Does not work, cannot access IPv6-only pages from an attached LAN client. Chaos on WAN side (hop limits). What exactly are you about to achieve? Please, tell me your ISP and country. I look-up if that really need IPv6 Pass-through. Nevertheless, you cannot have one configuration which catches all ISP on this world.

My ISP is China Telecom.

I think I will create a new mode according to your configuration and name it as native, and change the existing native to passtrough.

Found not much information how China Telecom is doing IPv6. I do not think a provider is going for IPv6 Pass-through at large scale. Either something is broken in your region or they use something else. Do you have a reference router, a router offered/supplied by your ISP in-between? If yes, that would explain it. However, if you replaced your router with your GL.iNet router, change it back double-check with the old router without GL.iNet around, how that does IPv6.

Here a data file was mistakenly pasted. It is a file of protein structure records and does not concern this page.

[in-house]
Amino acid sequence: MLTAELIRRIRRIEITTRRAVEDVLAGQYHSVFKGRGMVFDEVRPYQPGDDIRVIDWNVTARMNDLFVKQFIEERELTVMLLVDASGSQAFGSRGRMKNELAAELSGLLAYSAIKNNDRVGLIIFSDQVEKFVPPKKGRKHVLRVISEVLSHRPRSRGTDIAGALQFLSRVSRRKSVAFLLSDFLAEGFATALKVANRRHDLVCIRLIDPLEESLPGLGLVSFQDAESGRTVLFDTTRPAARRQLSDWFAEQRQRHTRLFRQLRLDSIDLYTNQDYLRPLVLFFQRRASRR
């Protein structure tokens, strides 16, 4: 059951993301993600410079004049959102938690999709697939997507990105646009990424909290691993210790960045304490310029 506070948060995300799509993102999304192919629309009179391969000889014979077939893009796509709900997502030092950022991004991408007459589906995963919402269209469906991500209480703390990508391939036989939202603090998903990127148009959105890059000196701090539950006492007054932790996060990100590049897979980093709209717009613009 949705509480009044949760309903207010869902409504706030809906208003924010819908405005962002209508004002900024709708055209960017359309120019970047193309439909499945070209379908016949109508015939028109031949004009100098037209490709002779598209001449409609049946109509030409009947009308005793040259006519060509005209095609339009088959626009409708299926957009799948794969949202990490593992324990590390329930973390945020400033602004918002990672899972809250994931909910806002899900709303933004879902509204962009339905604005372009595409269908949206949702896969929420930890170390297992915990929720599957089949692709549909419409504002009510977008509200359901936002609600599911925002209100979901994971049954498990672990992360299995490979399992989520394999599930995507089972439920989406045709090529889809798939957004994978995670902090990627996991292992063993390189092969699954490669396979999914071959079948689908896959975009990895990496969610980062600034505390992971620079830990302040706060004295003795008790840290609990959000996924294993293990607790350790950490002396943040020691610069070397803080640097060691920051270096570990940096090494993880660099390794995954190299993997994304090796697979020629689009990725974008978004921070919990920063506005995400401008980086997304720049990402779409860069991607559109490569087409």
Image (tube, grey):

Found some spare time doing those tests. And, yes it does. Consequently, if the LAN client ignores the flags in IPv6 RAs but the IPv6 prefix is not static but dynamic, that LAN client receives an IPv6 which is not valid anymore when the prefix changes. If that LAN client does not support DHCPv6 re-configure, it is lost until the lease times out. Another flag was introduced to control that which is included in OpenWrt 19.07. Consequently, my proposal for the new default IPv6 LAN mode Native is:

uci set dhcp.lan.dhcpv6="server"
uci set dhcp.lan.dhcpv6_na="0"
uci set dhcp.lan.ra="server"
uci set dhcp.lan.ra_management="0"
uci set dhcp.lan.ndp="disabled"

That works for all clients honoring IPv6 RAs, whether it is a static or dynamic IPv6 prefix. By the way, several of my IPv6 routers like other OpenWrt based router or like the AVM FRITZ!Box offer more modes (like Stateful DHCPv6 and SLAAC-only) and/or allow more fine grained control over all those flags (like set the DNSv6 server, no RDNSS in RA, no SLAAC, or even no RA at all). I recommend to look at that and how they solved it. In the meantime, one can go for UCI and change the file /etc/init.d/gl_ipv6 and there set_lan_relay() himself.